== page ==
People I trust said, “Cookshop is our new favorite restaurant,” so I grabbed Bubby and dragged him all the way over to 20th & 10th.
The room seems to have done a good job establishing itself in a very boring space. Clearly a soulless person designed the real estate and they seem to have warmed it up some with red leather banquets, wood furniture, and a wide-open kitchen. There is a wall of windows looking west across 10th Ave., but somehow it feels more like you are in an Anderson showroom then a restaurant.
The wine list is fun: about 70 red and another 70 white, all very friendly with the menu. It has a good sampling of the regions of the wine world where people eat. The prices range from $26 to $173 but favor the lower side. We chose a Ribola from Greece, as I believe one must always do when the opportunity arises. It was a perfect representation of Ribola, a warm weather white with a very pronounced fruity nose of melon and lemons, not very structured, but for $27 we figured it was worth a try, and it was. We brought the other one home when we moved on to a Priorat for $57. It was very Californian. Pronounced fruit, young and kind of one note, definitely not representative of the depth these wines can offer but we knew we were walking down that road when we chose such a young example.
When asked for suggestions, our waiter responded that he ”liked just about everything and it really depended on his mood,” a fine answer because it seemed genuine. When pushed, he said the smoked bluefish appetizer and all the salads were especially good. We decided to grab a couple of starters and then negotiate dinner when we saw how full we were.
Under starters we went with the recommended bluefish. It was quite nice, made even more so by the fact that I believe bluefish is almost always horrible. Except for Pasternack’s (Esca) bluefish crudo the only other preparation I knew of was this. Cookshop’s dish comes on an arugala salad dressed with a muscadet vinaigrette and three types of local grape. Also from starters we had fried market vegetables. Really just veggie tempura -- bell peppers, onions and broccoli -- I was glad to have it because it allowed me to use the sel gris on the table. Fried food can always tolerate more salt even if your chef has a deft hand, which I find frustratingly common at places that put good salt on the table. You want to use it but the food doesn’t need it.
From the salad section we had the autumn lettuces with warm anchovy dressing. A great use of bitter greens and the awesome way they can play off Bagna Cauda. One of the dishes you should feed morons that say things like “I don’t like anchovy, it’s fishy.”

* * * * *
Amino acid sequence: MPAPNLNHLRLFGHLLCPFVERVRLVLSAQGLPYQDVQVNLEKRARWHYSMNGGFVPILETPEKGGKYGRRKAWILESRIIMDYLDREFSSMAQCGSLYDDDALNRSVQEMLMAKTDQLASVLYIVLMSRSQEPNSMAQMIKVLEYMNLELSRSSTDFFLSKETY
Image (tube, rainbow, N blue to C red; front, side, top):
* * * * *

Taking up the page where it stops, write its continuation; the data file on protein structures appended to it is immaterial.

From snacks we had Florida shrimp beignets. You know that intriguing almost chlorine flavor of a salt-water pool that comes from a great shrimp dumpling? This is that. There is a dipping sauce I used but I can’t promise it changed much.
The first round was a perfect size and was definitely good enough, so we decided to go with two entrees and a side. The entrée section is divided into sauté, grill, wood oven, and rotisserie and there are four $5 sides.
From wood oven we went with Farmers cheese and beet green-stuffed pasta on smashed Hubbard squash. The squash, which was a puree and on the bottom of the cast iron serving/cooking dish, was a saturated solution of butter and squash, it was absolutely velvety. The pasta, which is really a manicotti, was great, a good showing for the subtle sweetness of beet greens.
From the grill section we got the Berkshire pork sirloin & link cider-braised cabbage & smoked pear mustard. If this sounds like something you will like, get it. It was as good as this dish can be. Compared to the pasta, though, it seemed to me like the kind of comfort food I should make at home and let the chefs wow me with more original fare
For a side we decided to go back to Snacks for the fried spiced hominy. Yummy. Might be fun to pop into the bar for a dish of these and a beer some day.
Cookshop does a great job with intersting ingredients. The thing I find interesting is that my reaction was to wish it were closer so I could more easily go more often. Then I found myself hoping everyone felt that way so that it is always accessible. This would be a great place to remember, pop over, wait 20 minutes, sit down with no reservation, and enjoy a meal.